The University of Rhode Island’s Kingston and Providence campuses launched the new Alan Shawn Feinstein College of Education and Professional Studies yesterday with celebrations on both campuses.
Students, staff and alumni gathered to commend the university’s eighth college and learn about the additional opportunities it will provide for its traditional and adult students.
According to the URI press release, this two-campus collaborative college was the result of the integration of two education programs: The former School of Education, based on the URI Kingston campus and the former School of Continuing Education, based on the Providence campus. This college combines traditional and adult students from both programs to help promote the idea of continuous learning throughout life.
“The workforce is changing so we have to offer the courses and programs that will attract the changing workforce,” said Jane Fusco of the URI marketing department.
The first event took place at 8 a.m. in Providence, where the attendants were able to network and listen to the various speakers who spoke about their passion for education and their excitement for the new college. URI President David Dooley, Dean of the Alan Shawn Feinstein College of Education and Professional Studies Lori Ciccomascolo, and Stephanie Howie, an adult education masters student, all spoke about the importance of continues learning and adult education within this college.
Howie shared her experiences and struggles going back to college and achieving a degree as an adult student. After a couple failed attempts, 30 years after graduating high school she decided to attend URI and pursue a bachelor’s degree in psychology, receiving various awards, before pursuing her master’s degree. Howie said, “I wanted to share my experience as an adult learner, just in case there was someone in the audience that needed some support if they were thinking about maybe coming back to school”.
The second event took place in Kingston at 4:30 p.m., where the focus was on how the college will prepare educators to provide quality education for all students. According to Ciccomascolo, the discussion at this event was regarding elementary and secondary education as well as URI’s graduate programs. Other topics mentioned were way to prepare teachers to become great educators. She believed that having two events at the separate campuses was befitting.
“It’s a two campus college,” Ciccomascolo said. “We wanted to celebrate our presence at both campuses.”
Students within the college now have the opportunity to take courses at the Providence and Kingston campuses, or online, giving them the opportunity to practice their teaching methods and techniques in different settings. Students can study and work in suburb and urban classroom settings that are available at each campus. Ciccomascolo wants the students to capitalize on the urban campus for research and outreach programs.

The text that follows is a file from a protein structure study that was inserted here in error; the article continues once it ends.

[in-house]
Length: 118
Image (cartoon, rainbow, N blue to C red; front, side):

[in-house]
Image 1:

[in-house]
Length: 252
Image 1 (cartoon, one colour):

One of the great resources in this college is the Office of Strategic Initiatives, which is located in both the Providence and Kingston campuses. Ciccomascolo said, “We use that to create an intentional effort to build a bridge between our students and our industry partners, so that they can acquire the skills and academic credit they need to advance in their careers.” This office helps connect students to surrounding school districts and ensures that they receive the proper training they need to positively impact their students.
Ciccomascolo began planning this event about five years ago, with a vision of a college “that offered innovative teaching and research opportunities on both campuses.” This unique collaborative college had Ciccomascolo’s input, as well as the input other individuals, to ensure that it was meeting it had all the important aspects that the URI community needed.
According to Ciccomascolo, the former School of Education focused on developing traditional students, or undergraduate students typically between the ages of 18 and 22, to life changing teachers, who are capable of working in diverse school systems.
The former School of Professional and Continuing Education focused on adult and continuing education. “We wanted to dissolve the silo because, we look at education as lifelong learning. We don’t look at it as just one stage, where you graduate and you’re done. Most people are lifelong learners,” Ciccomascolo said.